Pete's Pants Part II

No fever, yet, but the body aches rendered me useless most of the day. I managed to get some chores done, but the one I needed to do most — wash Pete’s pants — was delayed. I told him to meet me outside the grocery store at 4 p.m. but I didn’t get there until almost 5. I circled the parking lot several times, his jeans, still warm from the dryer, folded on the console beside me.

I felt puny and really didn’t want to get out of the car. So I drove slowly past the stores, checking the aisles and the people. I drove past the metal bench three times. A woman standing just outside the grocery store doors, stared at me. Did she wonder if I was trying to abduct a child? She had three of them herself — one in a stroller and two more at her side. Her cart was full of bags, as was the space just behind the stroller seat. She seemed to be waiting on someone.

I drove past Big Lots, past the Dollar Store, past 24-Hour Fitness and through the length of the parking lot again, to check the bench. I watched as the mother pulled her sacks out from underneath the stroller and reached for a blue coat for her oldest boy. The setting sun blushed the blue sky pink and turned the air shivery.

Rolling down the passenger side window, I called out, “Have you seen a man with a green blanket?”

“Yes,” she said. “He was at Big Lots earlier but I don’t know if he’s there now or not. I heard the clerk call for the manager.”

“Were they running him off?”

“Maybe. Is he your friend?”

“Kinda. I have his jeans,” I replied. “I was trying to get his pants to him. Are you waiting for someone? Do you need a ride somewhere?”

“Yes,” she said. “I was waiting for a taxi but if you don’t mind. Do you have room in your trunk for a stroller?”

“Yes,” I said. “Lemme park.”

Liz is 40. She has three children, the oldest, a boy, is 10. There’s a girl in the middle and then a toddler boy, who looks nothing like his older siblings. His ethnicity proof positive they don’t share the same daddy. After putting the groceries and stroller in the trunk, Liz buckled the boys in, while I buckled in the girl. In true princess fashion, she wore a bright pink glitter ring on her writing finger. “That’s very pretty,” I said.  She smiled sweetly. Her dark lashes like an artist’s brush strokes against a white canvas.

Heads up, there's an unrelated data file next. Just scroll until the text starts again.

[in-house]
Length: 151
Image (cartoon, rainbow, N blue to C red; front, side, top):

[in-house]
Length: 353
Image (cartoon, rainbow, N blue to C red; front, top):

“We’re  staying at the shelter house,” Liz said, moving my wallet and some papers onto the console with Pete’s pants.

“We have a shelter here?” I asked.

“Yes,” she said, and gave me the address.

The youngest boy found the magical power buttons in the Honda and was raising the window up and down.

“Stop that!” his brother yelled at him.

“It’s okay,” I said, clicking the lock on the windows and the door.

“How long have you been at the shelter?”

“I’m staying at the one in Pendleton,” she said. “But they are spraying it for bugs this weekend, so they sent me down here.”

“Do you mind if I circle the lot one more time?” I asked. “I hate for Pete to be without his pants.”

“Go ahead,” she said.

“Are you from around here? I asked.

“No,” she said. “We came to town earlier today to take my girl to the doctors.”

The Oregon Health Plan provides coverage for uninsured children. We don’t get a lot of things right in this state but that is one thing we are trying to ensure — health care for children.

“She okay?”

“A cold,” she replied.

The oldest boy held in his hands a yellow matchbox car that the youngest boy desperately wanted. As I headed North on Highway 395, the youngest boy began punching the oldest.

“STOP IT! STOP IT!” the older boy yelled.

At the red light I turned to the youngest, who had worked up a good fit, and placing my hand between him and his brother, I said, “No hitting. That’s not nice.”

“MY CAR!!!” he screamed, grabbing his brother’s hand, who then began to fight back. Slapping. Hitting.

“I’m so sorry,” Liz said. Her face, puff-fish round, flushed.

“No, don’t be,” I said. “I had four kids. I understand. Completely.”

“Does your brother have his own car?” I asked the oldest boy.

“No,” he said.

We were blocks past the Dollar Store now. Had I known earlier, I could have run inside, bought the boy a car for each hand.  Now it would teach him the wrong lesson. He’d only learn that fit-throwing gets a person what they want.  So when he ratcheted up the screaming a notch, I told Liz again, “Don’t worry. Really.”

“He’s ADHD and autistic,” she said.

Lord. Have. Mercy. Upon. This. Woman.

And. All. Those. Teachers. To. Come.

The chubby toddler splayed out in the back seat, the better to power those cannonball feet of his. He kicked his brother full on in the mouth as I made a turn down Main Street. Brother let out a wail that would have made Charlie Sheen smile in admiration.

Their mother broke into a full-on sweat. “I am so, so sorry,” she said. Then turned and spoke sternly to the boys.

“He’s tired and hungry, huh?”

“Yes,” she said.

The older boy began screaming at his younger brother: “SHUT UP!!! SHUT UP!!! SHUT UP!!!”

“Don’t say that!” his mother instructed. “I don’t want to hear you say that again.”

“SHUT UP!!!” the boy continued.

Diversion, an old military tactic, I thought as I considered this is the kind of behavior you get when domestic violence is the accepted norm.

“Hey kids,” I said, “Look up here. There’s a funny looking man in the road.” I pulled up alongside the man dressed as Abe Lincoln with the mailbox in his belly and rolled down the window.

“Is he real?” the little girl asked.

“No, honey,” I replied. “He’s not real; he’s just silly.”

“Did he swallow the mailbox??” the oldest boy asked.

“I don’t know. Maybe.”

The youngest boy climbed on his knees, and it occurred to me that I was driving illegally. He needed a car seat. Oh. Well. Too late now. I pulled up next to the gated lot that provides the only protection women like Liz and her children have.